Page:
Should We Torture? - By Dhruva Aliman

If someone is trying to stab you with a knife, it is perfectly acceptable for you to knock that aggressor down and twist his arm in such a painful way that he loses his will to hold onto the weapon and drops it. He also loses his will to keep attacking you. You tortured him into submission, and no reasonable person would fault you for doing it because that's called SELF-DEFENSE. Torture has such a nasty connotation, but what is it really? It is just force, and force is either used for self defense or aggression, depending on intent. Intent is the root of all ethical or unethical actions.

Now, what if we capture a terrorist, and he's just sitting in an interrogation room, smiling at you like Hannibal Lector, while his well laid plans are in motion to kill thousands? Is it NOT acceptable to use force to get him to stop the attack just because he isn't physically moving his body in an aggressive manner? According to Obama and the far left, this is exactly right. However, according to logic and reason, it's preposterous. Why is it alright to torture the guy with the knife by cranking his arm, causing painful submission in order to get him to cease his attack, but it's not alright to torture a terrorist to get him to stop his attack?

Every Law enforcement officer and every military operator has tools to force opponents to comply with their demands. Cops have pepper spray, club and tasers to inflict a level of pain to gain compliance.
Just because you have a terrorist in custody doesn't mean they are no longer at war with you.
Their well laid plans and their operations are still rolling. Just because you have them in custody doesn't mean they now are going to call off their operations. Again, torture is just force.
The question is not whether to use painful force, the question is whether the force is being used ethically for defense, rather than maliciously, abusively, neglectfully or for no good reason.

President Obama's position on torture is clear. By his decree, the United States will no longer torture captured terrorists, it is against "our values". My question is- Since when is self defense against our values? One thing I've noticed about Obama (from his obtuse denial of the utility of the surge strategy in Iraq and surveillance at home, which he eventually realized was right, to his cutting of missile defense funding and naive desire to negotiate unconditionally with our enemies), is that he seems to have a very loose grasp of the basic concept of self defense. However, as I am about to demonstrate, his idyllic notions that we should be torture free, are not just unrealistic, but downright foolish. Not only that, but it is a promise that we could never possibly keep.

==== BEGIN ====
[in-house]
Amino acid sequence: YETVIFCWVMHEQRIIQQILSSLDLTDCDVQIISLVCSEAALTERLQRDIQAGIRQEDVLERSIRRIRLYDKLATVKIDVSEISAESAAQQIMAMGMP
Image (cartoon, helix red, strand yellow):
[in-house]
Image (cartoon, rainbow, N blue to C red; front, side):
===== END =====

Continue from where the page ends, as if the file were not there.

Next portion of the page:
Some might make the argument that if you torture an innocent person they will tell you anything. That is true, but it doesn't change the fact that if you torture the guilty, they will tell you what their plans are. All 3 detainees that were waterboarded by our government were self-proclaimed enemies of the U.S. We knew by their own actions and admissions that they were not innocent. So for those who want to say we should never use force on detainees because they might be innocent, that is an issue that is easily sorted out by the terrorists themselves. We just don't use force on those who aren't self-proclaimed enemies, pretty damn simple. Khalid Sheikh Mohammed said another attack was coming but he refused to help stop it. So he was waterboarded, and the intel gleaned from that led to the capture of a terrorist planning to take down the Brooklyn Bridge. Investigators found his acetylene torch and his diagrams of where to cut the main cable. That attack would have killed almost 10,000 during rush hour. TORTURE WORKS ON PEOPLE WE KNOW ARE TERRORISTS.